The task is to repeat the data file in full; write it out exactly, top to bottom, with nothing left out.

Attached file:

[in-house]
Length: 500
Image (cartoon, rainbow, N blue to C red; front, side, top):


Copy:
[in-house]
Length: 500
Image (cartoon, rainbow, N blue to C red; front, side, top):